by Malaika H Kambon
One of the most distinguishing characteristics of the play, “King Hedley II,” is its capacity for despair overlaid by an almost cynical dependence upon spiritual deliverance.
It is also about the revolt of the common man.
Directed and performed by Dr. Ayodele Nzinga and The Lower Bottom Playaz, Inc., “King Hedley II” is the ninth of the late Afrikan playwright August Wilson’s American Century Cycle, a 10-play docudrama of Afrikan life in the U.S. during the 20th century.
And The Lower Bottom Playaz, an all Afrikan theatre company, are on their way to an historic achievement: that of performing the American Century Cycle of August Wilson in its entirety, a feat unparalleled in world history. It hasn’t ever been done.
This is not an easy play.
The play has a ‘40s feel to it, even though it was set in the ‘80s, 1985 precisely – well after the assassinations of Dr. Martin Luther King Jr., El Hajj Malik El Shabazz, Medger Evers and Fred Hampton and after the decimation of the Black Panther Party by Cointelpro and J. Edgar Hoover.
But this entire play is a metaphor.
It is self-sufficiency, self-defense and self-determination.
It’s the one good suit you take to the pawn shop every week, the fight for a better life that you fear to conceive, the advance that sells your soul to the company store, the legend of Sisyphus given Reaganomics – thy name is despair, the woman on welfare whose neighbors hate her and threaten her because she feeds cats and they think she’s rich.
It is the amen corner at the bottom of the food chain.
Yet everything in this play connects to something significant. Every piece reaches back in history and connects to now. Every piece of this play says that Black Lives Matter – and always have.
King Hedley’s insistence that the dirt for his plants is indeed “good dirt” resonates against stereotypes like “good hair,” the “good life,” “good clothes,” a “good man.”
And does Tonya’s choice of abortion over birthing a child into the depressive maw of Reaganomics cast her as enslaved, as a daughter of Ancestors who refused to conceive, killed newborn babies or jumped into shark-infested waters during the Middle Passage in rebellion against the terrorism of enslavement? Or does it speak more to her being a woman working a 9-5 (albeit slave) job who doesn’t want to have a baby with a man who seems headed back to jail?
Is the gun battle ending of this play a Door of No Return? Or a cleaning of the family closets?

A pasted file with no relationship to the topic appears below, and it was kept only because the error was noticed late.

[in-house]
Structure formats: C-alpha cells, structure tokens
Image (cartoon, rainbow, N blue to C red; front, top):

It seems as though the seeds of organized political rebellion never reached the 1985 Hill District of August Wilson’s Pittsburg, Pennsylvania, or that the community was devoid of information concerning organized political resistance. Hence, we see the characters’ collective and individual despair.
Yet each of the six characters in the play, in the process of “looking for a better life,” devised ways within their means to attain such. The King (who clearly loves Tonya) and his partner Mister sold stolen refrigerators to acquire $10,000 to open a video store. Ruby was a retired blues singer, who is now fighting to keep her home – and considering if she wants to keep her wandering man.
Tonya worked a 9-5 and isn’t at all sure about keeping King. Elmore gambled – and won – in his own fashion. Aunt Ester spent 366 years as “a washer of souls.” Stool Pigeon believed himself to be oracular, and he probably is.
There are guns, a machete, violence, spirituality, family secrets, almost a wedding, and murder in this play.
Who knows what would have happened had the NAACP, Deacons for Defense, the Black Panther Party, Southern Christian Leadership Council, SNCC or the Nation of Islam strolled into town?
But the flip side is who knows what strength and leadership would arise from the six people of the Hill District of Pittsburg, circa 1985? Who knows?
August Wilson doesn’t say. He doesn’t write “King Hedley II” outside of the occupations or the time period of his characters. Nor, it seems, does he write political plays. Or does he?
He used theatre in “King Hedley II” as the power to bring the Afrikan community together to witness itself – where it was in that time period, and where it might go.
Did the influences of Malcolm X, Black Power, Romare Bearden’s collages and the Nation of Islam upon Mr. Wilson’s life’s work as a thespian allow him enough analysis of Afrikan life to be able to write his American Cycle Series with clarity, staying in the time periods of the cycle, through 10 plays?
This reporter believes yes. Did he stay within the 1985 time period with “King Hedley II”? Yes, he did.
Especially since “King Hedley II” begins with the physical transition of a 366-year-old Afrikan matriarch who is a spiritual healer and much beloved community leader – whom one of his characters, Stool Pigeon, is convinced will return. And he is determined to assist her resurrection with faith, a proper burial of her cat in King Hedley’s “good dirt,” and the blood of a mammal of significant size.
So the Matriarch is gone, but not dead, just as certain aspects of Afrikan history and community have been erased, re-written to falsehood from the Afrikan Motherland but are now corrected and re-birthed – i.e. no longer gone, and not dead.
“King Hedley II” isn’t art for art’s sake. This is living, grassroots, politically historic theatre, circa 1985.
So. This play is a metaphor. The Lower Bottom Playaz delivered a riveting performance.
Come see it.
The remaining performances are on First Friday, Sept. 4, 2015, at 8 p.m.; Saturday, Sept. 5, at 2 p.m. and 8 p.m.; and Sunday’s finale at a 2 p.m. matinee performance – all at The Flight Deck, 1540 on Oakland’s Broadway.
Malaika H Kambon is a freelance, multi-award winning photojournalist and owner of People’s Eye Photography. She is also an Amateur Athletic Union (AAU) state and national champion in Tae Kwon Do from 2007-2012. She can be reached at firstname.lastname@example.org.